The venue was the Douglas Bowl, effectively the island's national football stadium. It's got an artificial pitch, and is ringed by around 3,000 seats, covered on one side. When it's not hosting the Isle of Man's representatives sides it's the home ground of St Mary's AFC, who play in the local premier league.










Foxdale v RYCOB

2pm  18 November 2017

Isle of Man League, Division Two
Foxdale 4 Ramsey Youth Centre and Old Boys 0 (att 35)

Is there a better ground address in football than Billy Goat Park, Stoney Mountain Road in Higher Foxdale?

The evocative-sounding venue was just one reason to tempt me to this game. The main one was that it was the day's outstanding fixture in the division, between two promotion contenders.

Foxdale claimed all three points thanks to four goals in the final 20 minutes or so, having been second best for much of what had been a scrappy encounter until then.

The home side's keeper had made some good saves to keep his team in the match, and then capped a fine performance by scoring from a free kick deep inside his own half. Only the second time I can recall seeing a goalkeeper score in such a fashion.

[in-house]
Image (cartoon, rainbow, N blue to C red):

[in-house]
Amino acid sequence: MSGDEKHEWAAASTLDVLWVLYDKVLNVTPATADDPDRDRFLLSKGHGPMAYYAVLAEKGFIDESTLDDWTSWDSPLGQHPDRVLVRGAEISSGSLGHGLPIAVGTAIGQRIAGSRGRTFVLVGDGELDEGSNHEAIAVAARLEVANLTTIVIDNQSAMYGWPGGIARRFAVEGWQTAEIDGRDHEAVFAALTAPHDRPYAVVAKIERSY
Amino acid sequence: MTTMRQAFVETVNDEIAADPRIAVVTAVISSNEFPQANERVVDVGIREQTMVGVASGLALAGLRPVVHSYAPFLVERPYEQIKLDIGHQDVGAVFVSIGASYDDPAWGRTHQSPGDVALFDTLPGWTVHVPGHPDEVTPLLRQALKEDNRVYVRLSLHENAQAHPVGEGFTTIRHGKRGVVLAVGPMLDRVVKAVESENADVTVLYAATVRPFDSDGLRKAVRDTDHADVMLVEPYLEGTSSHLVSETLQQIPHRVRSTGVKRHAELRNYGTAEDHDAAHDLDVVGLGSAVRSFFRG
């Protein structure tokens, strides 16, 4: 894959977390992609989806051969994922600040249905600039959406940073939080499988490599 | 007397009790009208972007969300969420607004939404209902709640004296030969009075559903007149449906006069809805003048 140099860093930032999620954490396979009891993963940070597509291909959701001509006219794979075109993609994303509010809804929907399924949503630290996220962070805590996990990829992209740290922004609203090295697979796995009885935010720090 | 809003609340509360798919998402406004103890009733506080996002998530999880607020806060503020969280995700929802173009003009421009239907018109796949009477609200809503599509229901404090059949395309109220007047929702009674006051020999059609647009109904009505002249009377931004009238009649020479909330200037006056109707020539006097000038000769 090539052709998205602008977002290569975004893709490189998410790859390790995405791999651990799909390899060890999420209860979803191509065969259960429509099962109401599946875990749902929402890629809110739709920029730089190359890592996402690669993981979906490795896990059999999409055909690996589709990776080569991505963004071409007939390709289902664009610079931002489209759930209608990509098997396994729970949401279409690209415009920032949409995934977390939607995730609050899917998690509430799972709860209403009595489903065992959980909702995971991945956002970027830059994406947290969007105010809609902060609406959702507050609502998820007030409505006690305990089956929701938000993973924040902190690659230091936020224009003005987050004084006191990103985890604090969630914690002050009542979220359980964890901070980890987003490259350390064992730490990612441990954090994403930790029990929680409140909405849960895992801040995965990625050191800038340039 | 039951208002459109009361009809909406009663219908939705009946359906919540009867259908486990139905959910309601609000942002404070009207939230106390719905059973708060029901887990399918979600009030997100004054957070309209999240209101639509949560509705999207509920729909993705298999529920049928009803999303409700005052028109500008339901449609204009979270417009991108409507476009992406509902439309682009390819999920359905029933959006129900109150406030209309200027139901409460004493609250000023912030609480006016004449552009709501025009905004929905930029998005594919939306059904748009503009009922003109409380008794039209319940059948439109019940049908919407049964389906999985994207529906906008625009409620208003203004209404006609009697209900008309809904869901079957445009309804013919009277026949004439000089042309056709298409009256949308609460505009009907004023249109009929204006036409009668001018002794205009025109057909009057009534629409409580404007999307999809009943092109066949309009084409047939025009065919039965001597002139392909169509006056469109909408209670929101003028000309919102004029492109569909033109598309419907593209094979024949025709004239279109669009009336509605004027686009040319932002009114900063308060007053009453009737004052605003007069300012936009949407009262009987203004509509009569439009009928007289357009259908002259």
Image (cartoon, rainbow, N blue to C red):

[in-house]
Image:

That was Foxdale's third goal, in the closing minutes, and it was quickly followed by their fourth. Youthie, as the visitors are known, collapsed once they went behind.

The current incarnation of Foxdale's football club is a relatively recent one, if Wikipedia is to be believed, and Billy Goat Park dates from the mid 1990s. It's a proper football ground though, with cover for spectators provided by an overhanging roof built onto the front of a pavilion behind the goal.

Pairs of dugouts are on both sides of the pitch, and seem to be used by a combination of coaching staff, substitutes and supporters. Like many Manx football grounds, it serves a campsite during the TT races, which presumably earns the club some valuable extra income.